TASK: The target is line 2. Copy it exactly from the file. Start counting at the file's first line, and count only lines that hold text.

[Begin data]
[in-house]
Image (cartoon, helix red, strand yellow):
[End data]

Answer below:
Image (cartoon, helix red, strand yellow):